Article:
GameSir GK300 Keyboard Review: Solid Choice That's Missing a Few Parts
Before writing this review for the GameSir GK300 gaming keyboard, I didn't know much about the peripherals company headquartered in Guangzhou, China. However, after testing the GK300 for a few weeks, I can say it's a company I won't forget.
While this board might not have all of the bells and whistles found in other mechanicals, it's well-built, reliable, and effective. The GK300 is well-worth your attention and your money.
At $69.99, it's as solid as my every-day Logitech G513 Carbon, even if it doesn't have features like USB passthrough and RGB lighting. As far as gaming keyboards go, it's rather understated and minimalistic. Having both wireless and Bluetooth functionality is as crazy as it gets.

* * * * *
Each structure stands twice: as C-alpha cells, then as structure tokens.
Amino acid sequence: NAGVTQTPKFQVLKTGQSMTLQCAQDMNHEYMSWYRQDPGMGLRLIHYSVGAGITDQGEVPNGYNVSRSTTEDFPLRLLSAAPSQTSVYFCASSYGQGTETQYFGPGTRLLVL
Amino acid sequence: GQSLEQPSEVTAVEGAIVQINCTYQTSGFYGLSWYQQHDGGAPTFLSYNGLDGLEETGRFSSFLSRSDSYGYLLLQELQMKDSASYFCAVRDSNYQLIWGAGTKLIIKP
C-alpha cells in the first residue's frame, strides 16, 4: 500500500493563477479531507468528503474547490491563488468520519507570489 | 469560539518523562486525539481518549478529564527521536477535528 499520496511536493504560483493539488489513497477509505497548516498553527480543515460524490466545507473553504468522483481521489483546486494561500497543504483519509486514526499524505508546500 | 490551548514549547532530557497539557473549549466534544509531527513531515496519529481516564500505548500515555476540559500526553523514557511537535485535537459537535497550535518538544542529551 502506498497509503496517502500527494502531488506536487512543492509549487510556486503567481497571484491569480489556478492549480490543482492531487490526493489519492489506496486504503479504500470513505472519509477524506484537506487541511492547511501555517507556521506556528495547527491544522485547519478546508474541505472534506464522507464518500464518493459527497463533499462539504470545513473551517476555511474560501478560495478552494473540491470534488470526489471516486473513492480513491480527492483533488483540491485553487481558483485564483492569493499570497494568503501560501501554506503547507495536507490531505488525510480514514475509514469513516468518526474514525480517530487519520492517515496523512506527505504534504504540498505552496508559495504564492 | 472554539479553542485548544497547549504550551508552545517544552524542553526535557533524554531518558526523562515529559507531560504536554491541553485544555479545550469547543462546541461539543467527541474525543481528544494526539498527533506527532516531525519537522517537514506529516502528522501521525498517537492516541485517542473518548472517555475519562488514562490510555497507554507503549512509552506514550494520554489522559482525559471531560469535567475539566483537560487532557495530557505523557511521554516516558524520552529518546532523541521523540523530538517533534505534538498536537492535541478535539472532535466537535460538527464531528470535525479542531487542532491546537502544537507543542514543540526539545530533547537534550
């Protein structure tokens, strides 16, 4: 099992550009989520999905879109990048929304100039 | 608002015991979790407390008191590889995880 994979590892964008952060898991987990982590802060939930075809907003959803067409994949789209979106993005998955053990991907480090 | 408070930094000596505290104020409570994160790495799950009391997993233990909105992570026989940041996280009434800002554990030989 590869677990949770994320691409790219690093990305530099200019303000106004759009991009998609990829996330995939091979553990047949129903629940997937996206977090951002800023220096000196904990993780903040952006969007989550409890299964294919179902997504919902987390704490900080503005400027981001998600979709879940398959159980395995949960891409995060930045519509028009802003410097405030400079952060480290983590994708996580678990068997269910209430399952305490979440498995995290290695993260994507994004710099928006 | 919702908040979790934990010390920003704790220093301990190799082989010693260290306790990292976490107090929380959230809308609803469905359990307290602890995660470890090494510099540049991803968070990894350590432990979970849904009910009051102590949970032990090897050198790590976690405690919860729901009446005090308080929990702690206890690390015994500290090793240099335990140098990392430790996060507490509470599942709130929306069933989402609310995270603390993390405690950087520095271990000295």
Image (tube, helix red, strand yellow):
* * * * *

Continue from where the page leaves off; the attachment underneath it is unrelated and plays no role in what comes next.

The GK300 comes in two color variants: all-white and space grey, the latter of which is simply grey with a smattering of black.
I tested the all-white version, and while I enjoy it as a change of pace from the all-black boards I usually review, I can't help but notice that it has already started to get a tad dirty around the edges. Additionally, the white exacerbates the natural shadows on the right edge of many of the board's 104 keys. This can make the board look a bit dirtier from certain angles or in certain light.
Minor aesthetic gripes aside, the chassis is made of anodized aluminum featuring an alloy cover. The aluminum's silver is an elegant backdrop for the white keycaps, and it provides a sturdy base capable of withstanding bangs against desk edges and door jams.
On the front, right-hand side of the chassis, you'll find the GameSir logo and the switch for turning the GK300 on and off; this switch also activates its wireless and Bluetooth functionalities. A Micro-USB charging port is on the left side of the chassis, which can make charging cumbersome if your tower is on the right side of your desk.